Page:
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Twitter CEO Denies Sale Talk

Gordon Kelly


Twitter CEO Denies Sale Talk

Following the absolutely ridiculous talk of an Apple Twitter takeover earlier this week poor Twitter CEO Biz Stone has actually had to come out and defend against this rubbish...

Speaking on US morning talk show The View (yes it gives me the shakes too) Stone categorically declared: "No. We are not for sale." He also added - though in less pithy quotable dialogue - that the site was focused primarily on developing new features and remaining independent.

Now 1. Yes of course Stone was going to say this but 2. He didn't have to go on national TV and make this statement if he were suddenly about to sell. Personally I'd interpret this as follows:

How on earth can you morons think Apple was going to buy us? It's going to be Google! Or maybe Microsoft if they offer us a really, really large wad of cash. Besides why would we sell when we're growing more than 1 000 per cent annually? We're holding out for $1bn and not in some shoddy stock options, it's the worst period in financial history since the Great Depression. Duh Zuckerberg!

Let's call this matter closed... for now.

In related news Twitter has also finally updated its new follower emails so they don't resemble something out of the 1980s. Plain text has been dropped from html and now you see a profile picture of the new follower and their following/follower/update figures (above). Personally I'd like to see the bio included along with the last few tweets, but it's a start.


Stone Comments via ComputerWorld


May 8, 2009, 5:52 pm

As I understand it (and if I've got this totally wrong feel free to put me right), Twitter is a company that, while growing at more than 1,000 percent annually, does not make money. Rather, it continues to burn that of its investors. Its business model appears to be: grow hugely and massively, while not making money, until it reaches such a size that somebody large and loaded is bound to buy it because it has become so huge, and then the new owner can figure out how to make some money off of it, while the original investors can retire to their tropical islands or wherever. With YouTube's owner still unable to monetise the thing, where does the profit model for Twitter's owners lie, beyond the one day hoped-for cash buyout?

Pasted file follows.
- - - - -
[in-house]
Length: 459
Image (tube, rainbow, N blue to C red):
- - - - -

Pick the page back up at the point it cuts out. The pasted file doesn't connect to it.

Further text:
May 8, 2009, 7:11 pm

@Ripsnorter - a few things to consider: the cost of maintaining Twitter for investors is nothing compared to the potential profits of the company growing at 1000 per cent per year. On top of this brand awareness can be just as important for a major firm that's already hugely profitable.

In the case of YouTube Google wanted the brand and it makes enough money to support it for the profile it brings - the same could be said for Twitter.

Lastly, monetisation should be too difficult. Twitter deals in 140 character posts - not the most challenging of concepts compared to something like Gmail - and a simple service charging organisations for usage, verifying indentities, offering premium filters, even SEO add-ons should all bring in cash. I suspect Twitter is simply delaying such measures until it has enough people/companies sucked into the service.


May 8, 2009, 8:13 pm

It's all very well talking about future profits but this wouldn't be the first time something's been hyped to buggery and failed to deliver on the initial promise (imagined or otherwise).


May 9, 2009, 12:07 am

@Gordon - Twitter might be burning through not much money per member, and that burn through would rise at an improportionate rate to its growth, but burning money is still burning it. It's where and how those profits will come that makes me wonder. Twitter itself doesn't appear to have any business model beyond "Someday my well-monied prince will come."

Google is, I believe, still flushing a great deal of money down the YouTube, and ad revenue is certainly not what it was, nor have efforts to introduce premium content worked as hoped for.

It will be interesting to see how many people remain on Twitter if and when the company does start charging. 'The Internet is free' mentality is very strong and Twitter already has problems with retention as it is.

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